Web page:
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Psychiatric Withdrawal Town Hall 1 - Introducing the Series


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The town hall video has just been uploaded to Mad in America's YouTube channel.

 

Psychiatric Withdrawal Town Hall 1 - Introducing the Series video (1 hour, 30 minutes)

 

More information and links to papers can be found here: Town Hall Resources

 

This first panel is comprised of Altostrata, founder of Surviving Antidepressants; Swapnil Gupta, a Board Member of the International Institute for Psychiatric Drug Withdrawal and a psychiatrist with a special interest in deprescribing; John Read, Professor of Psychology and Chair of the International Institute for Psychiatric Drug Withdrawal and Luke Montagu, co-founder of the Council for Evidence-based Psychiatry and member of the NICE guideline committee for safe prescribing and withdrawal (Luke has also experienced withdrawal).

Drug free May 22, 2015 after 30 years of neuroleptics, benzos, z-drugs, so-called "anti"-depressants, and amphetamines 

 

My Success Story:  Shep's Success: "Leaving Plato's Cave"

 

And what is good, Phaedrus, and what is not good — need we ask anyone to tell us these things? ~ Zen and the Art of Motorcycle Maintenance


I am not a medical professional and this is not medical advice, but simply information based on my own experience, as well as other members who have survived these drugs.

 

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15 hours ago, bunchesofoats said:

I'm not sure if this is the best place for this post (I looked for a more directly relevant thread), but I wanted to thank @Altostrataonce again. I'm currently watching the webinar "Introducing the Withdrawal Series and Setting the Scene." It's the second time I've seen you speak on a panel, and once again I am wildly impressed with your clear-mindedness and eloquence. It feels incredibly therapeutic for me to hear you speak so directly and completely about this topic that I usually feel like I am dealing with alone. I wish I would've encountered even just one medical professional in the last few years who was at all familiar with this.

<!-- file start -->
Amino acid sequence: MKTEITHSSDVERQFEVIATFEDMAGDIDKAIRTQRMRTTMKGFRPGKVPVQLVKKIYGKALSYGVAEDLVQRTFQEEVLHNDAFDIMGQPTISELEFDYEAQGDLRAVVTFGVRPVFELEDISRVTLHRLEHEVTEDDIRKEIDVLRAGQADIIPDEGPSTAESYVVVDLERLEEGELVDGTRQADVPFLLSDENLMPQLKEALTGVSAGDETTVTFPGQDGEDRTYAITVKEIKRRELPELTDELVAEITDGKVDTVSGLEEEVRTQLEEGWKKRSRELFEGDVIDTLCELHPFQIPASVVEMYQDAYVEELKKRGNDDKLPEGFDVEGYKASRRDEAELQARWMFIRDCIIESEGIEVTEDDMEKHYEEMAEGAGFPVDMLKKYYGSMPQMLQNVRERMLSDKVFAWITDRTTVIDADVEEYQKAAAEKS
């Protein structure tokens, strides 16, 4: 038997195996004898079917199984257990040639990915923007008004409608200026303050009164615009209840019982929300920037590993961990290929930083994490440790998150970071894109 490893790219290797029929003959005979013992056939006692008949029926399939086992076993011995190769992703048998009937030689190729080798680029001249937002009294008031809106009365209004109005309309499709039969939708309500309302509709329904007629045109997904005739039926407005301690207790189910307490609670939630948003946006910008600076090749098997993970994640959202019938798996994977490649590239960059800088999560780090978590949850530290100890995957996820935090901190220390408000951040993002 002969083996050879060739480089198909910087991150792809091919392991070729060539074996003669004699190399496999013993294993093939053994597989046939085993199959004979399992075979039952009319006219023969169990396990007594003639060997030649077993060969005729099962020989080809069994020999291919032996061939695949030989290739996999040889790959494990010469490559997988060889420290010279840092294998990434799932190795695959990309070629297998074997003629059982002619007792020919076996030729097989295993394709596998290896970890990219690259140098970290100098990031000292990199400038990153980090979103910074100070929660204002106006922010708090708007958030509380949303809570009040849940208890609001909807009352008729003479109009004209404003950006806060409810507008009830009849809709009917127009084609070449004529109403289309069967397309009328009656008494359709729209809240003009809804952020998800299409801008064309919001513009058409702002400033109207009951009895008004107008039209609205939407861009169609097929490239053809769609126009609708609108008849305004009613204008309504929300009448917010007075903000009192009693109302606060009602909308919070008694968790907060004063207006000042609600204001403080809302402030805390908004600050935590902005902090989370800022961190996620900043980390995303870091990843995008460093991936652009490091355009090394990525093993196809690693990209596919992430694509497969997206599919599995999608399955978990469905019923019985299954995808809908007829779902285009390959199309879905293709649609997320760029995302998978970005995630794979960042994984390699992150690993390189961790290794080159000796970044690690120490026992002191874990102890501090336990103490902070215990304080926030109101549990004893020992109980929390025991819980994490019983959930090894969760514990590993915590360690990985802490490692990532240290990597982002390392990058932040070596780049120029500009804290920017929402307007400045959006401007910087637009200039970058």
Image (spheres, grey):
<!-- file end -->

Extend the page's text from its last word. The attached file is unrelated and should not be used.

Luke's description of experience with CBT also completely resonated with me. It took me two years to realize that I wasn't making progress because the issues were stemming from the medication.

 

I also appreciated Swapnil pointing out that there is an extra social risk for some people - for example young black men who may be going through symptoms  may face disproportionate consequences in our society.

 

Since going through my own withdrawal experience (discontinuation, whatever the best word for it is), I look around at others differently. I can't help but wonder how much of our current societal issues stem directly from people having adverse experiences with SSRIs or similar classes of medications.

 

Wishing everyone good health, courage, hope, and tenacity.

 

@bunchesofoatsThanks for your comment on the Town Hall. I've copied this from the thread "Mad in America - Surviving Antidepressants: An Interview with Alto" and placed it here. 

Drug free May 22, 2015 after 30 years of neuroleptics, benzos, z-drugs, so-called "anti"-depressants, and amphetamines 

 

My Success Story:  Shep's Success: "Leaving Plato's Cave"

 

And what is good, Phaedrus, and what is not good — need we ask anyone to tell us these things? ~ Zen and the Art of Motorcycle Maintenance


I am not a medical professional and this is not medical advice, but simply information based on my own experience, as well as other members who have survived these drugs.

 

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